The collective voice of millions of users could be as effective as regulation
What do search engines, social media platforms, and product recommender systems all have in common?
One answer may be surprising: You and people you know have very likely played a major role in the success of eachof these technologies.
That’s because these highly impactful, and often very profitable, “data-dependent” technologies rely on your “data labor” — your clicks, ratings, reviews, photos, and posts that can be used to develop and improve data-dependent technologies.
However, only tech companies themselves can choose exactly how these technologies are used and who shares in their economic winnings. In other words, there exists a massive power imbalance between the public who provide “data labor” and companies who reap influence and economic benefits from this labor.
This is especially concerning in light of the growing evidence about Big Tech’s monopoly power, algorithmic biases, and labor practices, which seriously raises the stakes for discussions around “checking” the power of Big Tech. Currently, individuals may struggle to find a way to add their voice to the discussion. Data leverage can provide a new avenue for amplifying collective voices giving the public at large greater influence in changing tech companies practices. While regulation, worker organizing, and traditional forms of activism all provide promising means for addressing these concerns, data leverage may be an important complement.
The fact that many technologies are so dependent on data from the public suggests that if a large enough group of people were to change their data-generating behaviors, they could gain leverage over tech companies. This could involve withholding future data contributions, deleting historical data, engaging in deceptive behavior to create “poisoned” data, or giving data to a competitor more in line with the group’s values. This leverage could be used to gain concessions ranging from new practices around data privacy to major changes to the data economy (e.g. profit sharing or the creation of “data dividends“).
Here are three potential data levers:
- Data strikes involve deleting or withholding data. For instance, a group could start using tracking blockers to prevent their browsing history being used to make product recommendations, or a group might request images they uploaded be deleted.
- Data poisoning involves producing deceptive data. For instance, a group might interact with music they dislike to “mislead” a recommender system.
- Conscious data contribution involves contributing data to support a competing organization. For instance, instead of (or alongside) deleting their browsing history, a group might download that history and give it to a new start-up, to help that start-up train data-dependent technologies that can compete with incumbents.
Each data lever is a tool in the public’s toolbelt, and each has its own strengths and weaknesses. While it might be too hard to organize a large enough data strike to bring down a large search engine, a group could use conscious data contribution to boost up a competing search engine. Another group could try to use data poisoning to make the search engine fail in a major, attention-grabbing fashion.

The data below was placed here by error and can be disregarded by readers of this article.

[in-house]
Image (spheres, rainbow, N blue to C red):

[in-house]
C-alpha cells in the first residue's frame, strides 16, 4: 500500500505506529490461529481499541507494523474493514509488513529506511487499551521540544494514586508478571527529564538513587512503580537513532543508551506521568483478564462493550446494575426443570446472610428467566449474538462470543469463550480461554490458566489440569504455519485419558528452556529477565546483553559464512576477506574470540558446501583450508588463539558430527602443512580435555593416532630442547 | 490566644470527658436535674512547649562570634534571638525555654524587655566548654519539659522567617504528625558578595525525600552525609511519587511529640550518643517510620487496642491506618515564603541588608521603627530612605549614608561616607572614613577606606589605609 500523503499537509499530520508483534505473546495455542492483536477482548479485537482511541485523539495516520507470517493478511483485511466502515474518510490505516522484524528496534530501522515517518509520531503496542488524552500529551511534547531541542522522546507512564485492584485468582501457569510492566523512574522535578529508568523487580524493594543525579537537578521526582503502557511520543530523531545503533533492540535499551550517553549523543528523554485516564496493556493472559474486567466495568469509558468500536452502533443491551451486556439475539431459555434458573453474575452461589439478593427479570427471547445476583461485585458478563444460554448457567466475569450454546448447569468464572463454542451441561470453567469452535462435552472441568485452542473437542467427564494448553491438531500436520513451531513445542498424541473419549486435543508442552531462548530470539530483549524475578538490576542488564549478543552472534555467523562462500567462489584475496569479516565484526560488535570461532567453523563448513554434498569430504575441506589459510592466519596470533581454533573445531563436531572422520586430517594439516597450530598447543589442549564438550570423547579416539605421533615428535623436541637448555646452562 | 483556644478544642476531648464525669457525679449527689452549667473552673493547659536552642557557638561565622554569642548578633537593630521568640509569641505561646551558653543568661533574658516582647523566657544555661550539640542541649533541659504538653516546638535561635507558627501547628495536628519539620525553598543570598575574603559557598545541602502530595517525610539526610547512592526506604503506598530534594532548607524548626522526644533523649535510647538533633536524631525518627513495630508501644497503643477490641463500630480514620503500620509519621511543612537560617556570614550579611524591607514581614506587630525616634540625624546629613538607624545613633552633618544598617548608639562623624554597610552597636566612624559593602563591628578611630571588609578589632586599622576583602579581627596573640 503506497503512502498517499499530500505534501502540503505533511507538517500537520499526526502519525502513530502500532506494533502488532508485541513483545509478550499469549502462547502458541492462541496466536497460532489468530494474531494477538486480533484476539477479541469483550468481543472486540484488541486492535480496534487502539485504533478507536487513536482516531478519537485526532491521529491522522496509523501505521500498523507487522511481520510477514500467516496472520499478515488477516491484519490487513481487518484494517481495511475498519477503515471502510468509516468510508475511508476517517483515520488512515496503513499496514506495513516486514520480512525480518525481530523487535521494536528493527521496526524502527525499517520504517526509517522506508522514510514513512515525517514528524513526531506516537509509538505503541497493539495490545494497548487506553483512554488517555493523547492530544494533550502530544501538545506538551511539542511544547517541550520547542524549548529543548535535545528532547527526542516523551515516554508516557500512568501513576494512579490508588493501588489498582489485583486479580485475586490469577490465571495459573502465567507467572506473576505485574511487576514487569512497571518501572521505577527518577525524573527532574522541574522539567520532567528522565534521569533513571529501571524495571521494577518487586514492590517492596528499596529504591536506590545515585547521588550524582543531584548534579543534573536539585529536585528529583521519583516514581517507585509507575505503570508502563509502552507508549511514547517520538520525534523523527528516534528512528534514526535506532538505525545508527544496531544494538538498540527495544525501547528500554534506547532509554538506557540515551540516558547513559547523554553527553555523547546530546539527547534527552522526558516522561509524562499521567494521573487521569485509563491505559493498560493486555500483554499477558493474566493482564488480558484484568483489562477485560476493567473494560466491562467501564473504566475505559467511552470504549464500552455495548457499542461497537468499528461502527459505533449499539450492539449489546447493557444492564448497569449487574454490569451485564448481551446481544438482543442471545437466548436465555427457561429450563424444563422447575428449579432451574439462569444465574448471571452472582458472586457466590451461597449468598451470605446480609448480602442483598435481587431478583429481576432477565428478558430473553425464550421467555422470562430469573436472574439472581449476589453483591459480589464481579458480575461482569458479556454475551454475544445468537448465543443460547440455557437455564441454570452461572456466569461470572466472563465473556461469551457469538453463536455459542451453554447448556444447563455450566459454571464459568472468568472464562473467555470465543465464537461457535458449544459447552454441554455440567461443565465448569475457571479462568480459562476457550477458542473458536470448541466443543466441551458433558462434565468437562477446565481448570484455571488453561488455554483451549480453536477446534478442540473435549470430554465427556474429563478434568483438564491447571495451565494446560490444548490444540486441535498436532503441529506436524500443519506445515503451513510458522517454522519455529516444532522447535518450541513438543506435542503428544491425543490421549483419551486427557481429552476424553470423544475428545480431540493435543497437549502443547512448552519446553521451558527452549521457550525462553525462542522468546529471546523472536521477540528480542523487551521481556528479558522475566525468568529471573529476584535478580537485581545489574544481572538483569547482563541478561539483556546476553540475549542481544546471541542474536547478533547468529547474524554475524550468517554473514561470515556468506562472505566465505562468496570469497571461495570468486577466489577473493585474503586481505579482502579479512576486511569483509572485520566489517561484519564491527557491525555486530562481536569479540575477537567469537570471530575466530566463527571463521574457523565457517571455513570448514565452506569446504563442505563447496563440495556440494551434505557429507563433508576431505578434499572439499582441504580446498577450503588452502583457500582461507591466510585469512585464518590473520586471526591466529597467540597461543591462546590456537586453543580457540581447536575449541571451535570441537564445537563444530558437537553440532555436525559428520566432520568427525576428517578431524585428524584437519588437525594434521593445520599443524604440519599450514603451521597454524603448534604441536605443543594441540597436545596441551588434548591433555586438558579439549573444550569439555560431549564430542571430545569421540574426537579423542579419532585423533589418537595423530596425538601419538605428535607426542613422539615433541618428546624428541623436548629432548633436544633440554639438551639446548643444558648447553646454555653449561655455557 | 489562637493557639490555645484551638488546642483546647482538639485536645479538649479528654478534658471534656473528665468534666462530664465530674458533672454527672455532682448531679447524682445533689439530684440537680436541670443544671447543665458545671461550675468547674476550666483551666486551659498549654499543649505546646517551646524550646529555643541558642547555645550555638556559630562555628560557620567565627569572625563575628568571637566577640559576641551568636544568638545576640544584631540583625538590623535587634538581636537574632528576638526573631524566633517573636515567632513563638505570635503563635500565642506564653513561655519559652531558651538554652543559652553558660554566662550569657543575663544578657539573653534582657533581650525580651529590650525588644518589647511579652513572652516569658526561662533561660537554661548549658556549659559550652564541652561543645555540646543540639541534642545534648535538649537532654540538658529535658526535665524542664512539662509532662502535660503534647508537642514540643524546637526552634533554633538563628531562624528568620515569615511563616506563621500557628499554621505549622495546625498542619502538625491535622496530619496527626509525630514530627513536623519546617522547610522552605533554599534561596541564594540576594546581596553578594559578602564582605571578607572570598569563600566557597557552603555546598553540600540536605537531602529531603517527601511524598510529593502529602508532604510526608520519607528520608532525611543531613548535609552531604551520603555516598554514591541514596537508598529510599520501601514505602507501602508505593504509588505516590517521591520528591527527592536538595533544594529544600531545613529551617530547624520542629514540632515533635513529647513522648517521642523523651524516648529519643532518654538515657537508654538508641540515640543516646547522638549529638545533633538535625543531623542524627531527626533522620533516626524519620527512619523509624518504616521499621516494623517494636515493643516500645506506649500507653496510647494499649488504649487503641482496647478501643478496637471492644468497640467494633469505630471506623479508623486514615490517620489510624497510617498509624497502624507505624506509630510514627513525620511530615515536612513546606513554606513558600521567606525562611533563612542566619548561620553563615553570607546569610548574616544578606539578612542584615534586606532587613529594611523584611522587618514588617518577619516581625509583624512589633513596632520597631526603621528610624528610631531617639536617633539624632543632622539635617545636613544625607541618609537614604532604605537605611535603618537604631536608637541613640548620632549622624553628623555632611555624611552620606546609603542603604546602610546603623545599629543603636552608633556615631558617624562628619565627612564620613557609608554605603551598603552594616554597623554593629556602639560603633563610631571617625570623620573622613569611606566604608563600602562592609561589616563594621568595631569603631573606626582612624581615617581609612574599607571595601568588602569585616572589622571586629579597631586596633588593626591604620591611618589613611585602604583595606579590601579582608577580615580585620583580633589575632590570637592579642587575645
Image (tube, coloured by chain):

More power when paired with regulation
We argue that data leverage can be a powerful complement to existing approaches for addressing concerns related to Big Tech. In particular, data leverage is highly synergistic with enhanced data protection regulation. Laws that make it easier for an individual to delete their data and force companies to remove this data from their models can dramatically amplify data strikes. Laws that make it easier to transfer data from one platform to another will make it much easier to engage in conscious data contribution. A major open challenge, likely requiring the efforts of scholars from disciplines, will be untangling the legal and ethical knots involved in data poisoning.
Trying to shift the balance of power in the relationship between the public and tech companies seems daunting, but there are many reasons to remain hopeful. Tools that can help data leverage already exist, driven by efforts to protect privacy. There are ongoing movements to simplify the process of wielding data leverage collectively from organizations such as the Data Dividend Project, the Data Dividend Initiative and Consumer Reports Digital Lab.
In addition to directly influencing what data technology companies can access, data leverage may lead to broader societal impact. Just like consumer boycotts attract media and public attention, data leverage may assist to raise awareness of the current power relationship between the public and technology companies.
About the researchers
Nick Vincent and Hanlin Li are Ph.D. students in the People, Space, and Algorithms Research Group in the School of Communication, where they study the relationships between human-generated data and computing technologies like Facebook and Google. Their goal is to find ways to mitigate the negative impacts of these technologies.
At the ACM FAccT 2021 conference, Vincent and Li recently presented a framework of three relatively simple ways the public can leverage their data — the lifeblood of search engines and social media platforms — to help hold Big Tech firms more accountable.